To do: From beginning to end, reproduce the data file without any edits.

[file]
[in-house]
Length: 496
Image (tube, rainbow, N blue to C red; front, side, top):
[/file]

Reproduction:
[in-house]
Length: 496
Image (tube, rainbow, N blue to C red; front, side, top):